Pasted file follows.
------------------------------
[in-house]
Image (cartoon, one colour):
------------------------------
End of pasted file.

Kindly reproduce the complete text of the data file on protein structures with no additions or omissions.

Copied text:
[in-house]
Image (cartoon, one colour):